Debate Magazine

How to Teach Students to Kickstart New Ideas

By Stevemiranda

I was hanging out with a friend, a scientist who thinks a lot about teaching and learning. He has taught in the Honors college at a nearby university, and has also served on the university’s admissions committee. I asked him, “What do you think is a reasonable goal for students graduating from high school?”

We talked about a lot of things, but there was one point that he really wanted to drive home. It’s something that he sees often in his students in the Honors program, although not all.

He says, “They should be able to kickstart something on their own.”

Not just critique someone else’s work. They should be able to produce something new: a new idea, a new combination made from existing things, or a new direction off the beaten path. Students who have been trained only to critique, and not create, get less out of the college experience.

Our K-12 schools are not designed to nurture this. That’s a problem not only in maximizing one’s college experience, but also for thriving in a creative economy.

* * *

I read a great story in one of Seth Godin’s books that goes something like this: he calls his two best employees into his office and says, You two are best employees I’ve got. You haven’t been wrong on anything in over six months. Now, if you’re not wrong about something in the next month, you’re fired.

The point is that by avoiding mistakes, we also avoid opportunities. It’s easy to play it safe and choose the safe, predictable path. But in doing so, we miss out. Maxwell House, Godin suggests, could have done what Starbucks did. Blockbuster could have started sending DVDs to customers in the mail, but Netflix beat them to it. Why didn’t American Express invent PayPal? These companies were pretending like we still live in a factory economy where showing up is all that matters. Everyone was just doing their job, following directions, continuing along the beaten path.

* * *

Students should be learning to kickstart something on their own. Using the old way of thinking about school, I can imagine folks saying, “Yes! Let’s make it a graduation requirement that students must kickstart something!”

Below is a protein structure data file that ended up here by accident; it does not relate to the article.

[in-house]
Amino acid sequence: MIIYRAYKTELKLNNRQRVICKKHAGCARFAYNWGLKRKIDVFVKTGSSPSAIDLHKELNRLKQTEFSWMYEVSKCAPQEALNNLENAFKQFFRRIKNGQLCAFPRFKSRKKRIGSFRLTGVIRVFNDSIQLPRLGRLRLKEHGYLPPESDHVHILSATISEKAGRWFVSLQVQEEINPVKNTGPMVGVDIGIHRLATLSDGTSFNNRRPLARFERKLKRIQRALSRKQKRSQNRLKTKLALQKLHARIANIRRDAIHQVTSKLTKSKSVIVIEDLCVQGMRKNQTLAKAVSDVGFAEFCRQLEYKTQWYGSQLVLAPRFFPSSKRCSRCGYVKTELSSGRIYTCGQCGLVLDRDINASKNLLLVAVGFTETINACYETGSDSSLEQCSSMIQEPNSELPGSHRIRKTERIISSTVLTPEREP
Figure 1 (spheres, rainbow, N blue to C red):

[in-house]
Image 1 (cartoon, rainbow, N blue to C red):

This, of course, doesn’t work. By forcing students to engage in specific activities that teachers and administrators find important, students immediately begin looking for ways to make the requirement go away. So they’ll brainstorm ways to cheat, lie, or recycle something they’ve already done.

Instead, we’re much more likely to have success in helping students learn this skill by surrounding them with role models who have done it, then giving them lots of opportunities to do it.

Here’s an example. We recently invited in a volunteer to PSCS who is a puppet maker. He was a music teacher at a Jewish pre-school and noticed a rich supply of found objects in the arts & crafts room. To make things more fun and interesting for the kids, he decided to mix in a puppet show with his music instruction. He got some felt, papier mache, glue, pipe cleaners, old socks, and a million other things. Then he made puppets. He was such a huge hit, he started performing at bar mitzvahs around the city. He even booked a tour of Jewish parties, school, and synagogues all the way down to California.

When he came to PSCS, he set up in the corner with all his supplies and started making puppets. A few kids came over and asked if they could join him.

In time, they got to hear his story.

The goal—and this is one of the reasons why we don’t have a specific required academic program for students; we want them to determine their own path—is for them hear this story and think: “That’s cool.

“Now, what could I kickstart that would be as cool as that?”

(Join the discussion at Get updates at

Back to Featured Articles on Logo Paperblog